Some Afghans leave U.S. bases before resettlement

The U.S. is hosting some 53,000 Afghan civilians across eight military bases, who were evacuated amid the chaotic American withdrawal.

The evacuees, many of them granted a special status called "humanitarian parole" while on base, are met with refugee resettlement services to streamline the immigration process.

Angela Fernandez is with the Department of Homeland Security:

"Our guests at Fort McCoy are currently completing immigration paperwork, including employment authorization and health screenings to prepare them for their resettlement in the United States."

But Reuters has learned that something strange is happening: Hundreds of Afghan evacuees are simply walking off the bases.

Two sources familiar with data said the number of "independent departures" top 700, and could be higher.

And these walk-offs are alarming immigration advocates worried new arrivals who abandon the resettlement services and the critical benefits offered could find themselves at the mercy of a complex U.S. immigration system down the road.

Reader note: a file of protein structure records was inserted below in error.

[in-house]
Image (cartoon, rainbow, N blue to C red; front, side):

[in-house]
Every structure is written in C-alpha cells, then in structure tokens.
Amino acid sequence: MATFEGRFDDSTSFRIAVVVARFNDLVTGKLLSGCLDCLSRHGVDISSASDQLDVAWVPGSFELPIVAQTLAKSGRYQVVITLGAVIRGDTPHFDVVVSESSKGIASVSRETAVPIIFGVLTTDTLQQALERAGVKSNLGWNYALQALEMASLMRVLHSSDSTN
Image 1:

One U.S. Citizenship and Immigration Services official, who spoke on condition of anonymity, described it as "a giant can of worms," and warned, "this could lead to years and years of terrible immigration status problems."

In a statement, a U.S. Department of Homeland Security spokesperson declined to comment on the figures provided to Reuters. But DHS said people who had left the bases "generally" had ties to the United States, such as family members of friends, and resources to support themselves.

Immigration experts say Afghans who leave the bases are not breaking U.S. laws. Military officials have no legal authority to hold law-abiding Afghans against their will.

Some hard-line anti-immigration activists have raised concerns that the Afghan evacuees could pose a national security risk.

But U.S. officials stress that all of the Afghans leaving U.S. bases had already undergone security screening.

The risk of the independent departures is to the Afghans themselves.

Reuters viewed a document, entitled "Departee Information," that is meant to warn Afghans considering leaving before completing their resettlement. It reminds them that, on base, they can get their immigration paperwork processed and even cash to help pay for travel to their destination in the United States.

It reads, "once you leave this base, you forfeit these advantages and may not return."

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